This is as it should be. The Framers of the Republic never intended for the sort of imperial presidency we’ve experienced beginning in the latter half of the 20th Century. It was always intended that Congress would be the political center of gravity. Liberals would do well to understand this. So long as conservative, corporately-backed forces are the dominant force in legislatures across the country, the reforms we seek will remain elusive.
Elizabeth Warren understands the long game, far better than a lot of her fellow liberals do. The presidency is important for a great many reasons and ensuring that Trump never sits in the Oval Office is equally important. But if you want real reform, you need to legislate it. If you want to legislate reform, you’ve got to control the legislature.
Oh, what a glorious day! I feel like an eight-year-old kid on Christmas morning, tumbling down the stairs in a bright red onesie that was a gift from grandma last year (and that’s almost too small for me) to see all the gifts Santa left me under the tree. In this case, the morning was last night, the tree was the 2012 elections, Santa was the voters, and the gifts, well, I’ll get to those in a moment. On a side note, let me say the only real lump of coal I’ve found so far in my stocking is Michele Bachmann being narrowly reelected to her congressional seat. Screw you too, Santa. I was really hoping my ORU diploma would automatically increase in credibility with her defeat. Oh, well. Anyway, look at the bright side: at least she won’t be getting a show on Fox News!
One of the things every kid has to learn is that, for whatever reason, Santa is a stickIer about giving you everything you write down on your list. Even so, all things considered, things are pretty good (and they could have been a lot worse). So, I invite you to join me as I open my presents–even though they’re really everyone’s presents, not just mine. And we’ll open them together. Continue reading
I don’t like to talk about things that I don’t fully understand and the Patient Protection and Affordable Care Act is one of them. I haven’t read the entire law, nor do I intend to; I don’t know all of the things that are in it, though I know quite a few; I also don’t know every single implication it will have, but neither do the smartest constitutional law scholars. Having to make decisions and judgments with just a little information is a function of living in a fast-paced and expansive modern republic–too much happens on any one day for any one person to know it all.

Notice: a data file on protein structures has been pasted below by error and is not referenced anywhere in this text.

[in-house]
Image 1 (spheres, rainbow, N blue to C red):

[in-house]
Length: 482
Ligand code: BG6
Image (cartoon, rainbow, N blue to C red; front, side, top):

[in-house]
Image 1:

What I do know is that I was proud of my President and happy for my country when I first heard this morning that the Supreme Court had upheld his signature legislative achievement, which was intended to reform the abysmal healthcare system in the United States. I think that took Republicans and conservatives by surprise; I’ll even admit that it took me a little by surprise. Given the venomous and rancorous cacophony that’s been emanating from conservative and tea party camps over the past two years over health care, I didn’t think it possible that virtually the entire law would be affirmed by the nation’s highest court. I now have just a few things to say and they’ll be brief. Continue reading
Jessica Ahlquist, a young Rhode Island high school student and professed atheist, made headlines earlier this year when she won her case in Rhode Island district court against her high school. In Ahlquist v. Cranston, presiding judge Ronald Lagueux ruled in favor of Ahlquist (represented by the American Civil Liberties Union) and ordered that Cranston High School West in Cranston, Rhode Island, remove a prayer banner from display in the school on the grounds that it violated the Establishment Clause of the Constitution and existing case law. It ran particularly contrary to the 1962 Supreme Court ruling in Engel v. Vitale, which banned schools from composing prayers and encouraging students to pray them.
In the case of Ahlquist’s school, the prayer had been adopted in 1960 and was recited until the Engel v. Vitale ruling in 1962 but the banner remained on display in the high school. Continue reading